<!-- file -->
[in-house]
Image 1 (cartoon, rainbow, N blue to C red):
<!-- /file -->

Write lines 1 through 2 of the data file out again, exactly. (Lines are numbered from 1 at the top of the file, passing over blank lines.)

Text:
[in-house]
Image 1 (cartoon, rainbow, N blue to C red):